By Nate Buchik
Arizona Daily Wildcat
Thursday April 24, 2003
Mmmmmm · delicious. I want to eat the television. Food Network ÷ that's what I'm watching these days, even though I don't cook and don't even have a stove in my dorm.
I know what you're thinking ÷ "That young man in the mug shot must be the grandson of the old woman who is actually writing this article." ÷ but no, you are mistaken.
You see, it's natural for me to want what I can't have, whether it be a nicer car or a larger · bank account. And living with only a microwave (which I think exceeds the wattage limit for the dorms), means I can't make delicious food.
Believe me, with the right equipment, I'm sure I could cook perfect meals without any training. I mean, it looks easy enough, after watching Emeril and his buddies sautŽ, mince and butterfly.
Anyway, here are some shows you should flock to and some you should flee hysterically from:
Unwrapped, The Best Of · and Date Plate
These shows are the lighter fare of the network; "Unwrapped" is even hosted by former Double Dare ringleader Marc Summers. OK · stop laughing now. The show reveals the secrets of the packaged food industry, "unwrapping" the production and history of bubble gum on one show, and doing the same for French fries the next time. I don't mean to give away any of the behind-the-scenes action, but I will say that pretty much every episode shows gigantic mixing pots and assembly lines.
"The Best Of · "Îs hosts go around the county finding the best food. While I will probably never go to Memphis and crave BBQ, it's good to be prepared.
"Date Plate" is the newest show, and the best reality TV out there. Two guys make dinner for one woman whom they have never met, and then the woman has to choose a man based solely on the meal. The guys are like me ÷ no talent in the kitchen, just extremely good-looking. The highlight so far was when both guys made meat dishes for the vegetarian, so she chose to become a lesbian.
This show, on the other hand, is horse manure. Mario Batali, supposedly one of New York's finest chefs, is one smug bastard. While I'm comfortable with the knowledge that the chances I could make the meals from any show are slim, Mario goes one step further, and shows me that I suck and will never have a chance at succeeding at anything in life.
Braised veal shank with marjoram? Go to hell, Mario. You are a disgrace to the name "chef."
If you haven't seen "Iron Chef," go home and watch it right now! The show, translated from Japanese, is the most hilarious thing I have ever seen. Two chefs go head-to-head in the kitchen, preparing multiple dishes using one primary ingredient for a panel of judges.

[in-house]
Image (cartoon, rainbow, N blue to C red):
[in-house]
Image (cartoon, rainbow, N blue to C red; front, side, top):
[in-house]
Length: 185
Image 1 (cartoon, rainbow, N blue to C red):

I have not seen anything on the show that I would eat ÷ lots of eel, lots of tofu, not much teriyaki chicken. Yet I go back for more each week because the voiceovers are so reminiscent of Godzilla movies.
Tune in next time for Battle Sardine.
"Fed up with knives that just won't cut?" I know I am. And Chef Tony's Miracle Blade show really helps fix all your slicing and dicing problems.
Sure, it's an infomercial. But when you're up at 3 a.m. with a toothache, it suffices while the Vicodin sets in.
Many of you are probably wondering whether the knives can cut through steel. Lucky for you, they can. Tony also mentions they can cut through bone.
Bone? Now, he probably means chicken bone or ribs, but the notion of these knives cutting through bone rubs me the wrong way. The people who normally watch Food Network are not violent, but come three or four in the morning, the viewer-to-killer ratio skyrockets.
Anyone watching is suffering from something: a toothache (like me), insomnia, schizophrenia or an evil spouse. That means they are more prone to killing. I'm picturing people all across the country going, "Bones, eh? What about skull? Or is that considered a bone? Shit, I'm going to bed."
Yes, most end up in bed, forgetting about it, but you never know who's taking Chef Tony's guarantees a little too seriously.
After a failed sitcom, Emeril is cooking up a storm on his shows, which are on as often as SNL reruns on Comedy Central. Like Mario, lots of stuff he does with ease is a few notches beyond my grasp.
However, he's a lovable guy with a total disregard for my health (lard and oil are almost always primary ingredients), and as soon as he showed me how to make Guinness Ice Cream, I knew he would always have a special place in my heart.
While it's strange to watch him prepare lamb or duck while I sit with a bowl of Ramen and a plastic fork, it gives me hope that someday I will be able to ÷ "Bam!" ÷ hire a chef that can make me these dishes.